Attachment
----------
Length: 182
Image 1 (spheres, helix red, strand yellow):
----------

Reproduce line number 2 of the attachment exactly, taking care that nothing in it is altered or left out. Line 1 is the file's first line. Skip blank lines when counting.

Image 1 (spheres, helix red, strand yellow):